It’s about time that Colombia made public its intelligence about FARC presence on Venezuelan soil. It is not evidence that indicates active support from Chavez’s government for the guerrillas, but it does indicate a passive tolerance. This is as condemnable as Pakistan’s indifference to the Taliban elements operating happily in Waziristan.
Venezuela does nothing to deter the FARC from using its territory as a safe haven, and does nothing to punish the low-level (perhaps also mid-range or even high-level) officials who surely look the other way as guerrillas slip back and forth across the border. Also unhindered are Colombia’s drug lords: officials have indicated that “El Loco” Barrera is most likely based in Venezuela, similarly to the ex-capo of the Norte del Valle cartel, Wilber Varela, who was killed there in 2008.
But what is also interesting about Colombia’s accusations is what they indicate about the nature of the FARC conflict. Colombia has long been fighting a very unconventional battle. You might say it has now officially become the textbook example of the nature of postmodern warfare.
With the existence of reportedly 87 FARC camps in Venezuela, it’s clear that the nation state has become so twentieth century. National boundaries have become porous if not invisible, and illegal armies have no reason to respect borders that exist only on paper. The fact that the FARC are operating in Venezuela at all indicates how truly fluid these twenty-first century criminal organizations have become, and how ill-equipped are the governments that must grapple with these transnational warriors.
Not only is Colombia now a great example of the end of conventional warfare, but the FARC-Venezuela allegations prove again that we are also looking at the end of conventional enemies. The border-hopping, opportunistic nature of the FARC is a far cry from the organized, visible, uniformed armies of Yore. From Afghanistan to Colombia, we are now looking at a scenario very similar to the scene in “Macbeth” when Birnam Wood marches upon Dunsinane. In essence the Colombian military is fighting an army of moving trees.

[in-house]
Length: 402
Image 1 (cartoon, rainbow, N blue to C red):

And for these kinds of combatants, the last thing they want to do is stand and fight openly on a battlefield. Instead we see the kinds of strategies invoked by the FARC over the past ten years: take refuge in foreign territory. Ambush. Snipe. Materialize quickly, and disappear just as fast. We saw this as recently as last week’s FARC attack in northern Antioquia, when guerrillas killed at least one police officer with a cell phone activated bomb, then melted away into the hills per usual. You barely need a trained unit to conduct those kinds of attacks, just two or three guys who know how to handle and for whom a never-ending war is more appealing than any Piedad-Cordoba-brokered peace deal.
If the FARC have now truly become the archetypical, unconventional enemy so characteristic of this century’s wars, so has Venezuela become an example of twenty-first century failure. While Chavez literally exhumes the bones of past revolutions, he has proven himself incapable of paying the slightest attention to the realities of the present. Look no further than his farcical comments that the U.S. is using Colombia’s FARC accusations as a front for “penetrating” Venezuela. His inability to accept responsibility for both personal and collective failures now appears truly pathological.
This is the only latest example of the Chavista government bewailing their victimhood in a world bewitched by gringoized globalization. Decrying the influence of former colonial powers worked very well in tracts by Eduardo Galeano, but it does not work in 2010. Blaming the U.S. for Venezuela’s problems does not change the behavior that led to these problems. And Venezuela is in serious problems economically, in terms of infrastructure, in terms of crime and homicide rates, and in terms of media freedom. This is undeniably the century of the free-flowing trade, free-flowing terrorist guerrilla armies, and of course free-flowing information. Venezuela’s reaction to Colombia’s allegations – as though this most basic reality was something to be denied, manipulated, controlled and skewed – speaks volumes about the failings of Chavez’s regime.
In the meantime, it looks like tensions between Venezuela and Colombia will remain nerve-wrackingly high. Nobody seems to want one of those oh-so-conventional, interstate conflicts to break out between Chavez’s government and Santos’. Everyone from the OAS to the U.S. State Department to Colombia’s vice-President-elect have been quick to call for increased diplomacy. But until then the real war is happening in a Thomas-Friedman-esque “flat” world, involving warriors who care little for states, let alone for peace. Birnam Wood may indeed be coming to Dursinane, and so far Chavez’s reaction has not strayed that far from Macbeth’s. Ah, hubris!